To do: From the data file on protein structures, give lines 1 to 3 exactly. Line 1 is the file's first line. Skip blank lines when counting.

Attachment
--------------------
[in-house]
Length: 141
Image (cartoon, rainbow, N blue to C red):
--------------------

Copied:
[in-house]
Length: 141
Image (cartoon, rainbow, N blue to C red):